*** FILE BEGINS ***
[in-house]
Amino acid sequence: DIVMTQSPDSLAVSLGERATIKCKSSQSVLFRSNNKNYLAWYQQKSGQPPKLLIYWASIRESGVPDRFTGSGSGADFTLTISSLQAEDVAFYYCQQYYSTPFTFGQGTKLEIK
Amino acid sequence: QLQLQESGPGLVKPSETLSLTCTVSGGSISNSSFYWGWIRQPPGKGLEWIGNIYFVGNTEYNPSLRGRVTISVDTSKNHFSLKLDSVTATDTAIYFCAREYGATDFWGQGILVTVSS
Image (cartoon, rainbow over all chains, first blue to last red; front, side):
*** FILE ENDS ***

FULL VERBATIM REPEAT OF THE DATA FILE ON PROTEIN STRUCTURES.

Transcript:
[in-house]
Amino acid sequence: DIVMTQSPDSLAVSLGERATIKCKSSQSVLFRSNNKNYLAWYQQKSGQPPKLLIYWASIRESGVPDRFTGSGSGADFTLTISSLQAEDVAFYYCQQYYSTPFTFGQGTKLEIK
Amino acid sequence: QLQLQESGPGLVKPSETLSLTCTVSGGSISNSSFYWGWIRQPPGKGLEWIGNIYFVGNTEYNPSLRGRVTISVDTSKNHFSLKLDSVTATDTAIYFCAREYGATDFWGQGILVTVSS
Image (cartoon, rainbow over all chains, first blue to last red; front, side):